Like a note to share with the rest of the class, Ubisoft passed around a release schedule for some of its upcoming titles for the year. Among those dates was a time frame for the launch of Driver: San Francisco. While no specific day was given for the Driv3r sequel, Ubisoft has managed to whittle it down to September.

Fans eager to get behind the wheel of the Driver franchise once again are probably a little relieved to see an actual release window given for Driver: San Francisco. After all, it had been announced back in November that the game had been delayed. In a time with numerous studio closings happening left and right, it wouldn’t have been a complete shock for Driver to have remained parked permanently.

Let’s not forget that Driver: San Francisco leads, and will likely win, the race for Most Absurdly Ridiculous Plot Premise this year. Serving as a direct sequel to Driv3r, the Ubisoft Reflections developed entry finds players interacting with the game through the coma dream of John Tanner. No, really; the whole thing is a coma dream. That’s not even the wackiest part. If the player “dies” while in the game, they will be able to use a new game mechanic called ‘Shift.’ This will allow them to astral project themselves into another car elsewhere in the city. Finally, the game that melds peeling out with possessing souls that gamers have been clamoring for will get here in September.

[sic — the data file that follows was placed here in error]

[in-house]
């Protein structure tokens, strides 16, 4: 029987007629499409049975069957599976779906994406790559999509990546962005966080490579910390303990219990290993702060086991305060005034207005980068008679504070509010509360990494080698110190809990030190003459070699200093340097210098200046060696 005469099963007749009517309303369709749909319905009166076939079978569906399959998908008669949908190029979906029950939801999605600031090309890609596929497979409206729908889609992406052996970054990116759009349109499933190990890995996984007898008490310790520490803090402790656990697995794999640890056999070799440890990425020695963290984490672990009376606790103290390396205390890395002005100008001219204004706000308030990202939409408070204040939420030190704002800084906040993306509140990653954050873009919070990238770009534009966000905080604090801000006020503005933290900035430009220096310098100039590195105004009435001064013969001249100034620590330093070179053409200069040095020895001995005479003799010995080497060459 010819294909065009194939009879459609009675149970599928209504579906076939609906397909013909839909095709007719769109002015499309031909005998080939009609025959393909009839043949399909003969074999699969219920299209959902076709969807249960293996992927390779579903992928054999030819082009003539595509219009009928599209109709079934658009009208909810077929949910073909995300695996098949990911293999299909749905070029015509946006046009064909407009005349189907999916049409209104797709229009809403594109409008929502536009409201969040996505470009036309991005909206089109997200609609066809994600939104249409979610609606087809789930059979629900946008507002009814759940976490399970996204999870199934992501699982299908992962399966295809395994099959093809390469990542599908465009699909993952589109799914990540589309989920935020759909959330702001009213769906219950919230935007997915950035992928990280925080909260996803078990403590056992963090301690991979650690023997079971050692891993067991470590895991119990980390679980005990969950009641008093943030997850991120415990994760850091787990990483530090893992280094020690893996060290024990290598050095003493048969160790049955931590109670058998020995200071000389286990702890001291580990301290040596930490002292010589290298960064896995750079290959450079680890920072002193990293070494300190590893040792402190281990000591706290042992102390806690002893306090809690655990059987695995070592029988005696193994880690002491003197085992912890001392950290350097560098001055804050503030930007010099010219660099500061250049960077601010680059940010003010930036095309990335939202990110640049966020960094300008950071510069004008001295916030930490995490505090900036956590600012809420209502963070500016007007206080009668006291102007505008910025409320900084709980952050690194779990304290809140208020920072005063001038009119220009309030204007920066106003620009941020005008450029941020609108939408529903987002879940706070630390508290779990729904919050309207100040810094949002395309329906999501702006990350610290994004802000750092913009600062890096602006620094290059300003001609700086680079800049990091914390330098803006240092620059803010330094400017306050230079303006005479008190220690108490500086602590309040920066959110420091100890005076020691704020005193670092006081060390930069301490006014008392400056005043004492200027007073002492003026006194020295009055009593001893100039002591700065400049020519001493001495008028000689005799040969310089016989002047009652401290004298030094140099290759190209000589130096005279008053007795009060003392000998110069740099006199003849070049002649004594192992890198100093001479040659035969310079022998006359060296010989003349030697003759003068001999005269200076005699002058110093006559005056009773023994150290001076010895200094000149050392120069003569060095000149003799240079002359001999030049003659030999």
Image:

Odd set-up aside, the game is said to be a return to form for the series and claims to be taking the franchise back to its roots. The last few Driver installments have received generally mixed to negative reactions from both critics and fans as it has not really been able to compete with most of the other high profile open world driving-centric games. A more focused effort on what made the series popular in the first place could be just what it needs and from our hands-on at E3 last summer of the early build, it might be something to look out for.

Any Driver fans out their getting their engines revved from this news? Are you a little weary of the game’s somewhat supernatural premise, or is the promise of a pure Driver experience enough to get you excited?

We’ll find out if this extended development time helps Driver: San Francisco when it starts burning rubber in September for the Xbox 360, PlayStation 3 and PC.

Source: VG 24/7

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